“Brands start on the inside with humans, and are ultimately delivered on the outside to humans.” (Interbrand)
In Neil’s workshop, he told us the story of The North Wind and the Sun.
Both the North Wind and the Sun were arguing over who was the stronger. When a traveller came along wearing a warm coat, they agreed that whoever was the first to make the traveller take his coat off, was the strongest.
First the North Wind blew as hard as he could, but the more he blew, the tighter the traveller held his coat around him, so the North Wind gave up. Next it was the Sun’s turn. The Sun shined out warmly and the traveller immediately took off his coat. The North Wind had to admit that the Sun was the stronger of the two of them.
After hearing the story, we were asked to think about what the meaning of this story was to us. We wrote down words which described the attitude of both the North Wind and the Sun in the story.
- confident, arrogent?
- threat, fear, force
- command, coercion, control
- calm, gentle, relaxing
- care, compassion, considerate, kind
The North Wind sees the traveller as a challenge, whereas the Sun sees the traveller as a person. In the story, the North Wind and the Sun represent designers, and the traveller represents the audience. Currently, in the design industry, design thinking seems to follow the North Wind’s attitude, but future-facing design is to use the Sun’s attitude. The Sun has a much more empathetic approach.
For this project, I think that understanding empathy and how it relates to the clients and my response to client needs, is really important. I will definitely be taking the Sun approach in my design work from now on.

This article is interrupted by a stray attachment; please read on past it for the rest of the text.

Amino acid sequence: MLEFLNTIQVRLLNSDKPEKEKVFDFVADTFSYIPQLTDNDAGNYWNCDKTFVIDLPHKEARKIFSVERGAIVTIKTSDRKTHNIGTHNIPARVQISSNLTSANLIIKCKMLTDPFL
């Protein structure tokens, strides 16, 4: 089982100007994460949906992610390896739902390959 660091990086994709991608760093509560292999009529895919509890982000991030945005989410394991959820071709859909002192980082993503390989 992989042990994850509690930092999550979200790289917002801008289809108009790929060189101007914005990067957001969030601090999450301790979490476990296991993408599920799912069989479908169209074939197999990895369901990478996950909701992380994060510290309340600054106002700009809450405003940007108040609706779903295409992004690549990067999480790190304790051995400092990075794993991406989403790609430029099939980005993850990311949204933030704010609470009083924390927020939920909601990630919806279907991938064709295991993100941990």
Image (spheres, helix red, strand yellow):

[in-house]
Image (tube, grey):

Our final deadline for the Digital Me project is on Tuesday so I am just adding the final finishing touches to all of my submissions before then.
I am feeling confident with the way I am heading and I have not got a lot to do before handing in my finished work for the deadline on Tuesday. I have completed my Research and Development PDF for Persuasion and am currently finishing off the one for Penguin. I have already got a Research and Development PDF for branding that I created last year after completing the Brandworld project, so I have just got to add and change this one accordingly to my further development since then and my newer final outcomes.
For the finishing touches of my CV, online portfolio, PDF portfolio, I have edited some details to add to the overall final look of the finished pieces. After a tutorial with Neil, we spoke about how underlining titles, historically, was not considered needed after ‘bold‘ was invented. Although I have decided against using the bold version of Playfair Display as I think it ruins the beauty of the contrast between the thick and thin lines in the lettering of the typeface, I have removed the underlines of the titles and the overall look of the CV is much cleaner without them. I have done the same thing on my PDF portfolio by removing the underlines of the titles. Removing these underlines have actually added to the consistency of my overall project, because I noticed that the website does not have underlined titles. There is enough definition between the title and the body text because they are different typefaces – the title is serif and the body text is sans serif, the title is in orange and the body text is black, and there is also a big size difference between the two.
To match the removal of all my title underlines, I have edited my ‘I’m Amber‘ logo slightly as well. I have removed the underline below the text, but kept the line above as the image of me is sat, resting on it. I have adjusted the weight of the upper line to make up for it’s staying though.
Now I’ve created a rough idea of what I want my CV to look like, I decided to start on the online portfolio.
After trialling out a few different platforms on which I could create my online portfolio on, including WordPress and Adobe Portfolio, I settled on using Wix after finding a theme that I really liked and finding it the most comfortable to use.